Finally, the finish line is approaching! You have completed your specific aims, significance and innovation, and the bulk of your research strategy. You have sent those files for numerous rounds of pre-peer review by your trusted colleagues and mentors. Now it’s time to focus on some smaller, yet still very important details.
In the previous post, we described how to write an effective significance and innovation section, focused on defining the problem and providing a high-level overview of your proposed solution. In this post, we’ll outline the approach, wherein you’ll expand upon the solution and illustrate exactly how you plan to conduct the research.
The significance and innovation section is a recent (within the last 10 years) addition to the NIH and most other foundation grant applications. It is a place for you to showcase WHY the work should be done – WHY there is a significant need for your study, and HOW the work is different from everyone else’s approach. What makes it groundbreaking, original research, work that will advance our scientific knowledge?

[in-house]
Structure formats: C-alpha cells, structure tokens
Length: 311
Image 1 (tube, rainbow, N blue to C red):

So you’re thinking of writing a grant? Or maybe your mentor has politely suggested that it would be in your best interest to do so?
Where do you start?
Tamar Aprahamian is an interesting study in the professional opportunities available for young scientists. She's worked in academia, industry, and most recently, founded a company of science writers called JetPub. She has been a contributor to our blog and was nice enough to share her story.